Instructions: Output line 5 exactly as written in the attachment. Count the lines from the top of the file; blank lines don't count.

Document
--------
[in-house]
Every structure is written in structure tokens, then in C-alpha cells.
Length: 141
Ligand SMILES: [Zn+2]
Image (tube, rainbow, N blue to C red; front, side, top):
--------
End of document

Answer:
Image (tube, rainbow, N blue to C red; front, side, top):